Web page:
- There is an oscillation in Athanasius’ work between Humanity and Soul
- The Death of all was fulfilled in the Lord’s body – he somehow dies the death of the whole human race – its impossible to do justice to patristic thought without taking into account the corporate whole of humanity
Athanasius and the Corporate Whole
- Passages reflect Platonist intellectual background – particular cases acquire a certain property by participating in its absolute form.
- Because he is the TRUE Son – particulars can participate in this form
- The body of Christ – passing through death and resurrection – is absolute humanity – renewed and recreated – the humanity of Christ is some kind of coproprate whole and Athanasius’ theological schema will fall apart without it.
- Two-fold scheme – Solidarity in Sin and Solidarity in Christ
Charles Taylor and The Modern Sources of the Self
- Contrast “modern” anthropology & this participation model
- We no longer think of ourselves collectively
- The term community has crept in but it is a way of talking about individuals who feel they are in the same boat – they think relationships are ultimately about themselves and their own personal commitment
- “The Hunger Angel”
However necessary it is to counter individualism with the emphasis on our communal nature does not actually reclaim the human corporations that we find in the patristic sources.
See the book “Think like an anthropologist” – we are all interconnected – scientific study upholds a view of a universal human nature – the intertwining of narratives is a way in which the particular and universal interact
Back to Slime Mold
- Through feedback mechanism individuals become part of a larger whole
- By emergence we have the capacity to reappropriate something like the corporate personality of the patristics
Rought notes on Marc Cortez’s LATC 2018 Plenary Talk
Christology as basis for establishing anthropology
- Hedgie the Hedgehog
- Why should Hedgie be seen as paradigmatic?
- Establishing that JC is perfect human – how can we make the jump to making claims about true humanity….
Irenaeus as a conversation partner for thinking why JC should be the basis for our theological anthropology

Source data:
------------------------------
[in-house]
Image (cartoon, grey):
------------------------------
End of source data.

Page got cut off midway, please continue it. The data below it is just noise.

- Humans are made in the image of God
- Jesus is the True image of God
How does Irenaeus unpack this? What are the implications? Four Claims
- TA must be rooted in the embodied humanity of Christ
- TA must be rooted in the eternal identity of the son
- TA must recognize the ontological and epistemological priority of Christ over Adam
- TA must be studied in such a way that does not completely bifurcate nature and grace (I did not fully catch this 4th point)
- The very idea of an image requires an embodied form – the son must have a visible and determinate form
- The body is intrinsic to the Imago Dei – Man not a part was made in the likeness of God. The perfect man consists of the comingling of soul and flesh
- The fashioning of the human flesh is intimately connected to Christ – Humanity is patterned according to the pattern of the incarnate Christ
- The imago is Christological in the sense that we see the reality that all persons are directed towards the Triune God
- No biblical passages prove this but there is biblical warrant
- What does it mean for I to claim that human nature in the manger is logically prior to the humanity in Genesis 1?
- Means archetype of humanity exists eternally even though it has not been instantiated
- Maybe it’s a divine idea – maybe Christ is the historical idealization of that idea
- I never posits an eternal idea…. The archetype of humanity is always the person of JC himself (Does a Gnostic background inform why he never did this?)